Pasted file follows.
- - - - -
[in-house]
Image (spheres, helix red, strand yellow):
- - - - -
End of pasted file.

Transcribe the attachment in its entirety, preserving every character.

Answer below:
[in-house]
Image (spheres, helix red, strand yellow):